Whether or not Apple products will actually be built there, a new facility from the company's key manufacturing partner, Foxconn, is reportedly in the works for the state of Wisconsin, and set to be announced later this evening.
Citing an unnamed source familiar with the upcoming announcement, CNBC reported on Wednesday that the announcement will be made tonight, with Foxconn representatives being joined by President Donald Trump and Governor Scott Walker.
Still unclear is Apple's role in the matter. Trump, on Tuesday, said that Apple itself plans to bring three manufacturing plants to the U.S., but the off-the-cuff remarks were likely oversimplified, as Apple doesn't directly handle manufacturing or assembly of the majority of its devices. Instead, Foxconn is the iPhone maker's primary assembly partner.
But Foxconn is a major corporation, assembling electronics for a wide swatch of device makers beyond Apple, including the likes of Microsoft, Google, HP, Amazon, Sony and many more.
Wednesday's report gave no indication that Apple products specifically will be manufactured at the plant, but did identify Foxconn as an Apple supplier. It was also said that Rep. Paul Ryan, the speaker of the U.S. House of Representatives, will take part in the presentation.
Plans appear to be in the early stages, as no final location has been chosen, though "southeast Wisconsin" was said to be "under consideration."
Rumors have continued to crop up throughout the week that Foxconn, not Apple, will make an announcement about building devices in America. However, some reports have suggested the Wisconsin facility will be used to build display panels for large-format televisions — a market that does not currently apply to Apple. Despite longstanding rumors, Apple is not expected to enter the television market.
However, it's possible that a potential Apple partnership could stem from another Foxconn facility, based on Trump's remarks that three "big, big, big" plants are in the works. Another rumored location is Detroit.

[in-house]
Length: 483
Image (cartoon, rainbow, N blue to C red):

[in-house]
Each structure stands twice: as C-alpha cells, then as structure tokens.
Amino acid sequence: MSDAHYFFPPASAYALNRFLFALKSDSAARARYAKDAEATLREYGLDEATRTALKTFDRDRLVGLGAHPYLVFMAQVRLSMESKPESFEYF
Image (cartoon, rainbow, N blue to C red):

Apple Chief Executive Cook has long said that he would like for Apple products to be made in America, but doing so presents a number of issues, both financial and logistical. Some key parts for Apple products are made in the U.S., including A-series chips for the iPhone and iPad, but final assembly responsibility falls to tool and die makers overseas, particularly in China, as there are not many workers specialized in those skills stateside.
Still, it's highly unlikely that Apple's most popular product — the iPhone — would be assembled in America in large quantities, given that most component suppliers are located overseas. Better candidates would include certain low-volume Mac models, or perhaps the company's forthcoming HomePod speaker.
Update: As expected, Foxconn CEO Terry Gou has announced plans to build an LCD manufacturing plant in Wisconsin. Accompanied by U.S. President Donald Trump and Wisconsin Governor Scott Walker, Gou at the event said his company intends to spend $10 billion over the next three years on the 20,000-square-foot facility, creating 3,000 jobs. The LCDs will initially be produced for Foxconn subsidiary and Apple supplier Sharp.
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